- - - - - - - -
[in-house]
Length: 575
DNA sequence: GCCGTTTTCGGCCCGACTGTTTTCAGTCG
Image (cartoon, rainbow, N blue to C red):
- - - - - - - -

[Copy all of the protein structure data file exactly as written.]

[in-house]
Length: 575
DNA sequence: GCCGTTTTCGGCCCGACTGTTTTCAGTCG
Image (cartoon, rainbow, N blue to C red):